Polls taken in the last few months of the presidential campaign as well as exit polls conducted on election day showed the economy as the top concern for voters. In the fall of 2008, many news sources were reporting that the economy was suffering its most serious downturn since the Great Depression. During this period Bill Richardson's election prospects fell with several politically costly comments about the economy.
Richardson made gaffes saying that the "fundamentals of the economy were sound" and then said that there "was tremendous turmoil on Wall Street". These gaffes had the Rice campaign not saying very much until September 18th, when Rice rolled out her plans to deal with the economy, this roll out attracted support. This would send the Richardson in a frenzy as they had been attacked about only talked platitudes about the economy and Richardson's own roll out was quite sloppy.
Results by state
|1||Washington||Richardson / Biden||11|
|2||Oregon||Richardson / Biden||7|
|3||California||Richardson / Biden||55|
|4||Arizona||Rice / Burr||10|
|5||Nevada||Rice / Burr||5|
|6||New Mexico||Richardson / Biden||5|
|7||Colorado||Rice / Burr||9|
|8||Utah||Rice / Burr||5|
|9||Idaho||Rice / Burr||4|
|10||Montana||Rice / Burr||3|
|11||Wyoming||Rice / Burr||3|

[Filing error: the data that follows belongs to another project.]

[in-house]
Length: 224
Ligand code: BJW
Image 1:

|12||North Dakota||Rice / Burr||3|
|13||South Dakota||Rice / Burr||3|
|14||Nebraska||Rice / Burr||5|
|15||Kansas||Rice / Burr||6|
|16||Oklahoma||Rice / Burr||7|
|17||Texas||Rice / Burr||34|
|18||Liberia||Rice / Burr||
|18||Louisiana||Rice / Burr||9|
|19||Arkansas||Rice / Burr||6|
|20||Mississippi||Rice / Burr||6|
|21||Alabama||Rice / Burr||9|
|22||Georgia||Rice / Burr||15|
|23||Florida||Rice / Burr||27|
|24||South Carolina||Rice / Burr||8|
|25||North Carolina||Rice / Burr||15|
|26||Virginia||Rice / Burr||13|
|27||Tennessee||Rice / Burr||11|
|28||Kentucky||Rice / Burr||8|
|29||West Virginia||Rice / Burr||5|
|30||Ohio||Rice / Burr||20|
|31||Indiana||Rice / Burr||11|
|32||Illinois||Richardson / Biden||21|
|33||Michigan||Reagan / Bush||17|
|34||Wisconsin||Richardson / Biden||10|
|35||Minnesota||Rice / Burr||10|
|36||Iowa||Rice / Burr||7|
|37||Maine||Richardson / Biden||4|
|38||Vermont||Richardson / Biden||3|
|39||New Hampshire||Rice / Burr||4|
|40||Massachusetts||Richardson / Biden||12|
|41||Rhode Island||Richardson / Biden||4|
|42||Connecticut||Richardson / Biden||7|
|43||New York||Richardson / Biden||31|
|44||Pennsylvania||Rice / Burr||21|
|45||New Jersey||Richardson / Biden||15|
|46||Delaware||Richardson / Biden||3|
|47||Maryland||Richardson / Biden||10|
|48||Missouri||Rice / Burr||11|
|49||Alaska||Rice / Burr||3|
|50||Hawaii||Richardson / Biden||4|
|51||Washington D.C.||Richardson / Biden||3|
|52||Puerto Rico||Rice / Burr||7|